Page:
Long stuck in the rut of points, assists, rebounds, and blocked shots, basketball stats are growing up, evolving just as baseball stats did twenty years ago. John Hollinger and the Pro Basketball Prospectus open a wide window of statistical analysis into pro hoops, with unique and useful discussions, scrutiny of all aspects of the game, and a breakdown of every player that saw time or hit the draft board. Last year Hollinger evaluated the best clutch playoff performers, rebutted the NBA's official defensive rankings with an improved model that takes into account the pace at which each team plays, and predicted which players had a career year that was likely to be just a fluke. He also brought to basketball an extremely useful system that compares seasons of players ages twenty-four and younger to historical statistics in order to determine a "similarity score," allowing you to predict a player's continued development or, in some cases, lack thereof. This year Hollinger brings back all that and more, with an in-depth look at rookies and how they're best utilized, plus the continued evolution of some of the best statistical analyses you'll find in a preseason forecast. For the true h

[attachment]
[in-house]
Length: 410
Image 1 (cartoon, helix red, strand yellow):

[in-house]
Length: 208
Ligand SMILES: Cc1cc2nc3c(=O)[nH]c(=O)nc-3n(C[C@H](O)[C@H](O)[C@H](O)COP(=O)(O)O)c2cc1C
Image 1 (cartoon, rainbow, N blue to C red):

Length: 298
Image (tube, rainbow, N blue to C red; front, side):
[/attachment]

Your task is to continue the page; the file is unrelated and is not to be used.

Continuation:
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John Hollinger authored the 2004-05 Pro Basketball Forecast and the 2002-03 and 2003-04 editions of the Pro Basketball Prospectus, with his work garnering rave reviews from publications such as the Wall Street Journal, Toronto Star, and Salon.com. Hollinger writes for ESPN.com as one of its NBA Insiders, and also inks regular basketball columns for the New York Sun. Since 1996, he's spearheaded a more analytical approach to pro basketball from his Web site, Alleyoop.com. Hollinger lives in Atlanta.Review:
"It's great on player tendencies. I don't know if the teams know so much about some of their players!" -Chip Engelland, assistant coach, Denver Nuggets
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